Written by Sheila Snyder, former SDSU Extension Operation: Military Kids State Coordinator.
Although bullying is not a new problem, within the last decade the public has shifted the way they view this behavior. Bullying was once thought of as a normal part of growing up, but with the recognition of the extreme harm bullying can do to the victim, it is now seen as unacceptable behavior that must be stopped. Unfortunately, in some cases, bullying has even lead to suicide.
A series of studies conducted by Yale University found that victims of bullying are 2 to 9 times more likely to look at suicide as a solution. And, according to the Bullying Statistics website, ABC News reported that 30% of students are victims of bullying or are bullies, and because of the fear of being bullied, 160,000 kids stay home from school every day. There is a plethora of information available on bullying, including some interesting information on the issue as it pertains to military kids.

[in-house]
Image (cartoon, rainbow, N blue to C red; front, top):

According to the Army Times, military children may be at high risk for bullying for two reasons:
- They move often and are frequently viewed as the out of place “new kids”.
- Because of the stress due to deployments, military children may feel anxious, worried, vulnerable, and exposed, which makes them obvious targets of bullying.
Unfortunately, military kids are sometimes the bully. This can be a result of the way they are treated by their parents, who may be stressed due to finances, numerous moves, and multiple deployments, leading to the parent lashing out at the child. In fact, it has been reported that the rate of child abuse and neglect is 42% higher when a parent is deployed versus when both parents are home.
In an attempt to prevent bullying, 49 states have passed school anti-bullying legislation. The first state to pass this legislation was Georgia, in 1999. The only state without anti-bullying legislation is Montana.
In view of the widespread epidemic of bullying and the vulnerability of military kids, it is even more important to strive to build resiliency in our military kids.
- Bullying Statistics. (20120). Bullying and suicide. Retrieved from: http://www.bullyingstatistics.org/content/bullying-and-suicide.html